Back in the balmy summer heat of August 2006, I found myself driving to work when I noticed the traffic signals were no longer talking to me. In fact they weren't talking to anyone at the time as the power had been cut across a large portion of the city. The cause turned out to be a serious construction barge carrying a rather large crane along the Edogawa (river) had sliced though the main supply lines from the north of the country that were suspended high above the waters. And then the crane promptly sliced through the backup line approximately two meters further down stream from the main lines themselves.
In a country that almost universally relies on traffic lights rather than roundabouts (I know of a sum total of one), entertaining the concept on crossing the road took on a whole new risk level. In fact in Japan, where you give way to the left at a crossing, the introduction will take a lot of time and would need to be exercised with extreme caution, as seen when a car pulled out in front of me on said circular on the basis he had right of way being on my left. Wombat.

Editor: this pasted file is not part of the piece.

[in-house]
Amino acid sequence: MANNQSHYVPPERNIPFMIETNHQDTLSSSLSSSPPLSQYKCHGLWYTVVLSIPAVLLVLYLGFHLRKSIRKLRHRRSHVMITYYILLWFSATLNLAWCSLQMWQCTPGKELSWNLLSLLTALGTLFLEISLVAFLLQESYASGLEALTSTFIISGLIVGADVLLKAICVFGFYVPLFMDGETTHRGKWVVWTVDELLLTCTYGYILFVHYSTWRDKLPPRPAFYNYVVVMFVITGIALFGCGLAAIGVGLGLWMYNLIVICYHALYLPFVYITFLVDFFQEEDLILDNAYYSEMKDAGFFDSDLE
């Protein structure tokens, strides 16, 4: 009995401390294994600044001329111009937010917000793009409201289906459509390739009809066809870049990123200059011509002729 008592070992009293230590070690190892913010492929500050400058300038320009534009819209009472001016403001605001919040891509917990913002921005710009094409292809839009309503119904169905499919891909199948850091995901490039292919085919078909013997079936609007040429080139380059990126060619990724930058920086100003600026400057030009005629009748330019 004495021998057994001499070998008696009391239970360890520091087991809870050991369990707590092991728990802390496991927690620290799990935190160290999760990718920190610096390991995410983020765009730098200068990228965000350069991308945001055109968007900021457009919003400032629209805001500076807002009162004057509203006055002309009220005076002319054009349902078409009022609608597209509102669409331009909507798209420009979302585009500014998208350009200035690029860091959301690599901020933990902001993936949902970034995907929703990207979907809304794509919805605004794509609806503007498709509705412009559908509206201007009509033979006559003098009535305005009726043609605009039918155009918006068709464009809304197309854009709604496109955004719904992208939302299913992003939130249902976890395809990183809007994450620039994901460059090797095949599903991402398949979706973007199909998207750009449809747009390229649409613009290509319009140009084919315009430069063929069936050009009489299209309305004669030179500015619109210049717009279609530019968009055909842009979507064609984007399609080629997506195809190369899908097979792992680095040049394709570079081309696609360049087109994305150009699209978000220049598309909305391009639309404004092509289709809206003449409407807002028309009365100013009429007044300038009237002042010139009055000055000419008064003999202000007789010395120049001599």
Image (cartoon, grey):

And so the lights are out again today in over half a million homes. Second time in a decade. On this occasion due to an unhappy thirty five year power cable buried to the north of Tokyo. Earth shattering ground tremors aside, Tokyo is built to withstand massive shocks using multiple back-up facilities (except for a back up generator in Shinjuku powering the Yamanote Line, housed in the same building as the main generator which unfortunately caught fire and reduced both to smouldering ash). But that day in 2006 we all slowed down and inched out way to respective destinations. Despite 250,000 being affected, no one was reported to have been injured. There was no drama; people simply lit the way and just got on with the job.